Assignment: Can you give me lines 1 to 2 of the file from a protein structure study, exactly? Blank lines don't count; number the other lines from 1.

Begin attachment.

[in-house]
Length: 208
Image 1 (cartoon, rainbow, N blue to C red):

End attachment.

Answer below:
[in-house]
Length: 208